An additional issue which is frequently encountered in connection with development is sustainability. Most institutions that received a serious external funding once to develop its asset pool are not capable of carrying out adequate asset development from internal sources in every 3 or 4 years. Such development usually requires separate development resources and cannot be funded from the school budget. Therefore, the fast-aging assets cannot be appropriately integrated into the system of education and fail to produce the expected results.

In the light of recent technological development and the experience detailed above, a new type of development for digital education is necessary. Investment into ICT resources is not enough to achieve the desired effect. For example, increasing the sheer number of computers does not lead to a detectable increase in performance while putting significant additional burden on schools in terms of security, maintenance, management and operation.

The most successful avenues of development are related to education processes, which require ICT investment as an integral part of general development.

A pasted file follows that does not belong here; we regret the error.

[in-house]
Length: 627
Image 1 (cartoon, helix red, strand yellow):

IVSZ compiled a list of the issues, which negatively affect the development of ICT capabilities in schools and proposed a complex package of measures for improving the low digital skills development characteristic of public education. The first part of the package contains the basic strategic proposals, while the second part contains a list of operative tasks suitable for amplifying the effects of the national bandwidth development strategies in place.

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IVSZ is open to suggestions, ideas and feedback on its Program for Promoting Digital Education in Schools. The Association has started to collect positive examples for projects and practices suitable for adequately preparing students for the challenges of the digital economy and plans to share this knowledge base with schools and organizations, in order to tackle these worrying phenomena.

The Program for Promoting Digital Education in Schools is free to download, print and distribute!